Category Archives: Cookies

Rhubarb Triangles

Rhubarb Triangles (7496)I have long been an admirer of Deb Perelman, a.k.a. Smitten Kitchen. What a name ha? Smitten Kitchen…That’s such a great name for a food blog. Let me tell you, I have long been smitten, but to be honest I also have been procrastinating on buying the cookbook, until earlier this year. I tried some of the recipes during the warmest of weeks, which on one hand was a huge mistake (I become a mess when trying new recipes and reviewing books) but on the other I just couldn’t wait for it to arrive. I was skipping for joy. Really.

For the first recipe I went all out for strawberries. I love the stuff so there was no doubt whatsoever about this one, and those fools were good. They took too much time to prepare, and spending a hot afternoon in the kitchen is always going to be a faff, at least for me, but they were worth the time and effort. *That* I will definitely say. The second recipe you will find here is Deb’s Rhubarb Triangles. It also intrigued me because these are on the cover, and you know me and book covers. We have a thing. They look like and are in fact, mini jam tarts, the dough being her take on shortcrust pastry, but with almonds. (There are lots of photos in this post, so be aware!)

Rhubarb Triangles (7532)I know that rhubarb is not in season right now, but there photos have been in my files begging me to publish them, and it’s a special one for me too – here’s my first attempt at baking with rhubarb. I used to pass by the rack every time I visited the market, but this recipe has helped me to overcome the fear! Sounds a little dramatic, and it is, but that’s how edgy I get with new ingredients! On to the recipe, which will give a yield of about 25 mini cookies. Before you start, please be aware that you will have way too much filling, but I used whatever remained poured over vanilla ice-cream. A real treat.

Rhubarb Triangles (7502)Rhubarb Triangles (7508)For the filling:

  • 900g rhubarb stalks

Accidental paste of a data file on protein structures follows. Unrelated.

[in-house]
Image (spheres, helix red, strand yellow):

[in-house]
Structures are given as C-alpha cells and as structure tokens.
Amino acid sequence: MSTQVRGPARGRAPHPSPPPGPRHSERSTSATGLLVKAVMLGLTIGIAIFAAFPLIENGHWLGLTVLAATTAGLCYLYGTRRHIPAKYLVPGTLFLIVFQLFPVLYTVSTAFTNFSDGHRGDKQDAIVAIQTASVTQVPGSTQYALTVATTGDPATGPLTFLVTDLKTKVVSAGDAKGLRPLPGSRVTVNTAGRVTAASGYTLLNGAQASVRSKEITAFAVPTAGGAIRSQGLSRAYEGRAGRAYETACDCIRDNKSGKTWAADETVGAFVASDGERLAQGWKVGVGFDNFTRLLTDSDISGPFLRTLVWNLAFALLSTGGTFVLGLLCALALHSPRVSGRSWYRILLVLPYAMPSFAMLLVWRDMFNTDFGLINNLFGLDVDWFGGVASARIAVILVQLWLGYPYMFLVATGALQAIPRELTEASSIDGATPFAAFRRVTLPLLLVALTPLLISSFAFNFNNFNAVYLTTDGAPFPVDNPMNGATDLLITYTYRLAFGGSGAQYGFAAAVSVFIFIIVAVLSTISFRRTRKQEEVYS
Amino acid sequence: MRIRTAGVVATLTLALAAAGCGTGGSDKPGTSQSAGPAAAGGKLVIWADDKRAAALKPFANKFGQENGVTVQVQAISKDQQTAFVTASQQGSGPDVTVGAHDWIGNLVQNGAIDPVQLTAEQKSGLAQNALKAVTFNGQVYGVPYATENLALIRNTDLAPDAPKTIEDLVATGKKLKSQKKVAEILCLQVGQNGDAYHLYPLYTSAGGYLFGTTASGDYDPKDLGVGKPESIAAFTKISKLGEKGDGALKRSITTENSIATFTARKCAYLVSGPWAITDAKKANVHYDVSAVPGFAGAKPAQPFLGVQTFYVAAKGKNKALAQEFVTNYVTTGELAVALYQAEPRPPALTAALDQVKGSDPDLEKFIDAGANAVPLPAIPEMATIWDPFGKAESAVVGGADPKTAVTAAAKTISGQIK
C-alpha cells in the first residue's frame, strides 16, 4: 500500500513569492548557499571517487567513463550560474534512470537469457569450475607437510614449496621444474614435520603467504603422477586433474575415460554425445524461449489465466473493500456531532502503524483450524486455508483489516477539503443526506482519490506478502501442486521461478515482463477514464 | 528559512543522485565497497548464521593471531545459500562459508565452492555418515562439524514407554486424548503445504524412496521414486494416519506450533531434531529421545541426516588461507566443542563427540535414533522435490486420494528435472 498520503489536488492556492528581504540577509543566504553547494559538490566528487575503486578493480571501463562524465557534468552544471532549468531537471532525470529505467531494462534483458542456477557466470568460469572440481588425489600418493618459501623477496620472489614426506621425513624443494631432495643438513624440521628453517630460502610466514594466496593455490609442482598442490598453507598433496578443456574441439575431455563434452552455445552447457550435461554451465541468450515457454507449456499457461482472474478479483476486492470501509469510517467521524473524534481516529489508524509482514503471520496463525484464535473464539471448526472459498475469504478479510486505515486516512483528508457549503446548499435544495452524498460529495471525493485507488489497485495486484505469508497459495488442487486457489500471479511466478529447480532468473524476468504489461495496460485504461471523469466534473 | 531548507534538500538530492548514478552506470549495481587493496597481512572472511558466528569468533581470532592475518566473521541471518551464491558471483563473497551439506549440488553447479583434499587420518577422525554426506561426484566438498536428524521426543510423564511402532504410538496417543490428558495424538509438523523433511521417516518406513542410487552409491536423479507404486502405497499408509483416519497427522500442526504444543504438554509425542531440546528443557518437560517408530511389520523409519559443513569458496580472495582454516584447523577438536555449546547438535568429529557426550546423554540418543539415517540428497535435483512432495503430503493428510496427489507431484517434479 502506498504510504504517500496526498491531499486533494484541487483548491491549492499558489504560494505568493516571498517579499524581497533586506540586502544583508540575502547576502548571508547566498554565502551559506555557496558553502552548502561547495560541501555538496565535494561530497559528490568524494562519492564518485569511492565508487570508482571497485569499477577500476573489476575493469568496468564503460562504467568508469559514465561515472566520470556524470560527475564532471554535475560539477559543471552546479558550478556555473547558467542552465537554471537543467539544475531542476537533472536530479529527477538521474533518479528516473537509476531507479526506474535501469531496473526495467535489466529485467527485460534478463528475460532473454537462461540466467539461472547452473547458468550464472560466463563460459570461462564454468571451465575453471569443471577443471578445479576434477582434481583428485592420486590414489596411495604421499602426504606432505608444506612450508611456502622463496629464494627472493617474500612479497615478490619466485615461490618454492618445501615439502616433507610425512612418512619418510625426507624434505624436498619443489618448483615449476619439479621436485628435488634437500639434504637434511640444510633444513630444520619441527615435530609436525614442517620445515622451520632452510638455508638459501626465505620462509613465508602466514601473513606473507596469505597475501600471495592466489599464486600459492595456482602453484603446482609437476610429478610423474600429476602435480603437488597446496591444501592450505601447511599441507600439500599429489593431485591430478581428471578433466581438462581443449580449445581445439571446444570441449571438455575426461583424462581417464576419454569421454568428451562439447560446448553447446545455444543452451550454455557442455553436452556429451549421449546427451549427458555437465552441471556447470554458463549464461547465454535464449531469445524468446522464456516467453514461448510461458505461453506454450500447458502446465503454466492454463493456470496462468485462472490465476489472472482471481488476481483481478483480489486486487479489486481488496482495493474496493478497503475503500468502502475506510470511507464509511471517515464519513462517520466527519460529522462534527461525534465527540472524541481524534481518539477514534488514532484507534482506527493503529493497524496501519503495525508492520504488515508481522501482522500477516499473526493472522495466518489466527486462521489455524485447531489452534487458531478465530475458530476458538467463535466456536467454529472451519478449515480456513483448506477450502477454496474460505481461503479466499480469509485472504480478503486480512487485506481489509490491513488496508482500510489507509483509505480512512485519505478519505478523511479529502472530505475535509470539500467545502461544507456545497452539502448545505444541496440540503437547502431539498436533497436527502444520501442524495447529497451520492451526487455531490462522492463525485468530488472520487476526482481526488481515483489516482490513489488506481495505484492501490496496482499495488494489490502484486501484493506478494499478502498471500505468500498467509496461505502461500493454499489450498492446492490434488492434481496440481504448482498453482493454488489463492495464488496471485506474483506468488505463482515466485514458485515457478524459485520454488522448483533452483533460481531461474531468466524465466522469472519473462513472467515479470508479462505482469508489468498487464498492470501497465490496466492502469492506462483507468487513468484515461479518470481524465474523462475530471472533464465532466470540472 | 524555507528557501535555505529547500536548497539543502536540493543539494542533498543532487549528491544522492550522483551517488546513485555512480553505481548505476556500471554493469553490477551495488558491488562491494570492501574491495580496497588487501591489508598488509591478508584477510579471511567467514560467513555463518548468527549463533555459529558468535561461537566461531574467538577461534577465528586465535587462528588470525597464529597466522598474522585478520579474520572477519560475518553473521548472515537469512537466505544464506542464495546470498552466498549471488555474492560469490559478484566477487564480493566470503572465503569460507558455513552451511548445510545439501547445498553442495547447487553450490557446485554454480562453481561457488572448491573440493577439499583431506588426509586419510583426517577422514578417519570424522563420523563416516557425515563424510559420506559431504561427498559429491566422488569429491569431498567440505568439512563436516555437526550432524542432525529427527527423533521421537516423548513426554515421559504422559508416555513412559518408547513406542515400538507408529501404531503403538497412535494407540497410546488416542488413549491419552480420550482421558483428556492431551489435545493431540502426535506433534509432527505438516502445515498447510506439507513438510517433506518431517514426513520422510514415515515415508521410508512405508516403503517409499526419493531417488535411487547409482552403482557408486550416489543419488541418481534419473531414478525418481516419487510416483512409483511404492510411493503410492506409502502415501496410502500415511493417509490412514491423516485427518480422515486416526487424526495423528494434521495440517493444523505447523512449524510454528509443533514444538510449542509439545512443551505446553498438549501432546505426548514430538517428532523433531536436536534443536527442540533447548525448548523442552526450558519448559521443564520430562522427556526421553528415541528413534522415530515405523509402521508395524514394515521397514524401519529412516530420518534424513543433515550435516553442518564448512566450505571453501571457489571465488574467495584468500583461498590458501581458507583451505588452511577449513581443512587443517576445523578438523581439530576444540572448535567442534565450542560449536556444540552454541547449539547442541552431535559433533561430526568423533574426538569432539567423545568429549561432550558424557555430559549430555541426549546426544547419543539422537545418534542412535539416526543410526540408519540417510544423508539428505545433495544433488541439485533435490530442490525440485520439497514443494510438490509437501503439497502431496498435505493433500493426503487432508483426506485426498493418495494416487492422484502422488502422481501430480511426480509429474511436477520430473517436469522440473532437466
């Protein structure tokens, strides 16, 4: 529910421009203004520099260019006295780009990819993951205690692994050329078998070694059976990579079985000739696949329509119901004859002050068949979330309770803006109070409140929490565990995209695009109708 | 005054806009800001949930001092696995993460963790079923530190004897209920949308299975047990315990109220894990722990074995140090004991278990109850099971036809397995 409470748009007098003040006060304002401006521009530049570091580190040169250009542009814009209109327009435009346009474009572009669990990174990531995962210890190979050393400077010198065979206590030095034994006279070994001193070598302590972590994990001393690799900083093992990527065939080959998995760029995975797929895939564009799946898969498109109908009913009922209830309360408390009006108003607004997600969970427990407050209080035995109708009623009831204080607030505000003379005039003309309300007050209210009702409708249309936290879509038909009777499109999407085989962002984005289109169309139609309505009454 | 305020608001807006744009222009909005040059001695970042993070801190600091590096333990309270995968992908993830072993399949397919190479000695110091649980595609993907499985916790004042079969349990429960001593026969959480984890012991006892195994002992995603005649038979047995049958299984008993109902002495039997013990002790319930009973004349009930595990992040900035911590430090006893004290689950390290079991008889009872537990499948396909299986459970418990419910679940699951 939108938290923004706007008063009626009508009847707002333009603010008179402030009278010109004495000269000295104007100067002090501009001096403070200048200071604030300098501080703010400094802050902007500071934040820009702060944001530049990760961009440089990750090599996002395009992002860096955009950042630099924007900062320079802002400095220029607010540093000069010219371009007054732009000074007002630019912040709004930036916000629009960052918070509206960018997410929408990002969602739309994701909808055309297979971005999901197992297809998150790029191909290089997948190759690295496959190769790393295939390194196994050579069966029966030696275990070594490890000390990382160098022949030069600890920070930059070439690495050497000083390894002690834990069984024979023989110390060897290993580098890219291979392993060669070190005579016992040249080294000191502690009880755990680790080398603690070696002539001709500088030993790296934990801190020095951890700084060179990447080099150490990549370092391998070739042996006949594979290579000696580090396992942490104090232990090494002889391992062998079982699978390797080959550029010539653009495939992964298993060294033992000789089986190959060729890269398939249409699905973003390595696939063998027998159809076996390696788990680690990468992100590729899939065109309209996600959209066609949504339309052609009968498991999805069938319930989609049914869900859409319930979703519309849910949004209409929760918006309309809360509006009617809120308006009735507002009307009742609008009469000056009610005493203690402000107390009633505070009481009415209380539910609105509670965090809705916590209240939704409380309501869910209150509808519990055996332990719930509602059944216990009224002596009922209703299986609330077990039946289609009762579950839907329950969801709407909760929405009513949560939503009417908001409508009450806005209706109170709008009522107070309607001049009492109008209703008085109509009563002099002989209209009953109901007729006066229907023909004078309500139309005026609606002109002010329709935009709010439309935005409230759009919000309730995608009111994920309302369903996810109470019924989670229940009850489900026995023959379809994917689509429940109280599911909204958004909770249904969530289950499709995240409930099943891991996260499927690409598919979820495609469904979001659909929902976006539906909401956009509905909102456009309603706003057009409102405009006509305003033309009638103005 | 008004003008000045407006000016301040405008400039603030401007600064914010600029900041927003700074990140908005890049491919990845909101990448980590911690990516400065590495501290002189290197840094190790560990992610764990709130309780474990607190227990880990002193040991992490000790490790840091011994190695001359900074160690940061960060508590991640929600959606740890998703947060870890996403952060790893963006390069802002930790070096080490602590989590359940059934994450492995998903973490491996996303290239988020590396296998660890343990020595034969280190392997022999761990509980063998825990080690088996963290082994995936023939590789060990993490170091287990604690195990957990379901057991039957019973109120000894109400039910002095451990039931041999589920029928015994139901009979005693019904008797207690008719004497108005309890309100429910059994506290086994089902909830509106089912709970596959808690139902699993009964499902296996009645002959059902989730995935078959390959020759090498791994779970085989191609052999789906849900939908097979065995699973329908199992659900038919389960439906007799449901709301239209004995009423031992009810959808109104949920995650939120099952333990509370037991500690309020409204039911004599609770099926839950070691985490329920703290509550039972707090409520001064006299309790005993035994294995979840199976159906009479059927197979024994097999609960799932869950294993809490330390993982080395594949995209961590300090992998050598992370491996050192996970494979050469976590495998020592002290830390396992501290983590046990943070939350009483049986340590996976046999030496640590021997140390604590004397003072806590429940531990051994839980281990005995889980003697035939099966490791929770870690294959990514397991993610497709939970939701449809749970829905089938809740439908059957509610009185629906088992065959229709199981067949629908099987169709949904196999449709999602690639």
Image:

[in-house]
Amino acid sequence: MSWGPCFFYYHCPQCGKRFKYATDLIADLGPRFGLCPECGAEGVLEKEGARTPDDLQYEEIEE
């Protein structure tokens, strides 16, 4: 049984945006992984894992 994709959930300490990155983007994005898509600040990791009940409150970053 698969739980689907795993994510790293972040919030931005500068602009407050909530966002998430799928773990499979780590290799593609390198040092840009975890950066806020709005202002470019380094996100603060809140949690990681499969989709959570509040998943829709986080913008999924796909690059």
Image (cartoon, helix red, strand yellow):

• 130g caster sugar

Rhubarb Triangles (7507)For the dough:

  • 50g ground almonds
  • 250g plain flour
  • 65g caster sugar
  • pinch salt
  • 115g cold unsalted butter, cut into small chunks
  • 1 egg
  • ¼ teaspoon almond extract

To prepare the rhubarb for the filling, wash the lot and trim the ends, and cut into 1cm cubes. Tip these into a large saucepan with the sugar and cook for around 15 minutes, covered on low heat. Now, on medium heat, remove the cover from the pan and cook for another 15 minutes, stirring once in a while, until the fruit begins to break down. Remove the mixture from the heat, pour it into a shallow and let it cool well.

In a large bowl, add the ground almonds, flour, caster sugar and salt, and mix. Using your thumb and forefingers, lightly work the butter into the flour mixture until it looks like small breadcrumbs. Add the egg and almond extract. Combine the lot with your hands till you have a dough. Wrap this in clingfilm and place in the fridge for a good 30 minutes.

Rhubarb Triangles Dough (7513)When the rhubarb compote and dough are cold, flour your workspace, place the dough onto it, flour the top of the dough, and gently roll it out to a rough 3mm thickness. Cut out 7cm circles. Fold the edges and pinch them together to get three sides, and pinch the ends to get corners. The dough remains very crumbly, even cold, so be careful.

Rhubarb Triangles Dough (7517)Rhubarb Triangles (7518)Using a teaspoon measure, pour the fruit compote into the middle of the pastry triangle. Repeat this step until you use all the dough. As you go along, place each one on a baking tray lined with parchment paper.

Rhubarb Triangles (7524)Rhubarb Triangles (7522)Before baking you could place each tray with the little tarts in the freezer, to help them keep the shape. Unfortunately my freezer is the size of a drawer so I couldn’t afford doing this. Don’t worry too much though. Just preheat the oven to 190ºC/170ºC fan. Bake for 15 minutes or until the edges turn golden. Some will open, but I didn’t mind at all! When they are done, put them on a wire rack to cool.